Friday, August 5, 2016

the best of people and...

With apologies to Charles Dickens, organizations bring out the best of people and the worst of people.  I recently returned from the triennial convention of my church body, and one of the favorite sayings at that gathering is that conventions exhibit the church at its best and the church at its worst.  And of course, that doesn't surprise me, because the church is made of people, just as are all organizations and institutions.  We (especially we as leaders) tend to believe that if we do everything right, hire the best people, and have a fantastic mission and product everything will be smooth - and people will act in a manner that is always good, right, and salutary (to borrow an expression from the church's liturgy).  Here's the problem...institutions, organizations, and even churches do not exist without people, and when people gather together, they will behave in a manner which brings out the best of them and the worst of them.

So if this is true, and leaders want to create an organization where the best behavior is maximized and the worst behavior minimized, what can they do?  Here are a few thoughts:

  • accept the fact that this is true and don't be schocked or dismayed when people behave badly.  Don't see them as the devil incarnate or doing everything within their power to destroy the organization.  This is how people are.
  • almost all bad behavior is a result of passions lived out to the extreme,  Few people in organizations behave badly just to behave badly. They believe (and sometimes they are right) that their actions are exactly what is needed for the organization to get better.  And aren't those the type of people we really want working for us - those who are trying to improve the organization?
  • get very clear on values and what type of behaviors are expected within the organization or institution.  Being able to point out how the organization has agreed to behave helps to curb extreme bad behavior and can channel one's ideas toward more positive actions.
  • do not take another person's behavior personally, especially if it is not directly related to you.  When people act unkindly toward a project or idea we have proposed (or spent hours working on) we want to personalize someone's action against it.  Pause for a moment and remember that not everything is about you.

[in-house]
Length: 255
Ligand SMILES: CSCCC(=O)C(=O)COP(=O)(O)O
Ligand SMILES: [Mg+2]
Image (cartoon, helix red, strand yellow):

• confront bad behavior quickly and in a non-threatening manner.  When someone acts in a way that you believe is hurting the organization, go to them and ask them about it.  Find out what they are feeling and why they are acting the way they do.  You might just learn something that is helpful to the institution.
  • assume that they may be right...and that you (or the organization) may be wrong.  Imagine the power of going to someone who has behaved badly and letting them know that their ideas are right and that the organization will be changing how it does things based on what they believed to be right.  You suddenly have a new best friend.
  • understand that sometimes a person's bad behavior will be destructive to an organization and, if that behavior does not stop, they need to be removed.  Asking someone who is unhappy and bitter within their role to move on may just be the best thing for the organization and for the individual involved.  It is always better to deal for the next 30 days with any fallout that might occur from that dismissal rather than put up with the bad behavior for another 365 days.
Finally, take the time to reflect back on the numerous times YOU were the one behaving badly because you believed you were doing and saying the right things for the health of the organization.  You were probably at your best...and you were probably at your worst, both at the exact same time. That's how life is within organizations...because organizations are made up of people.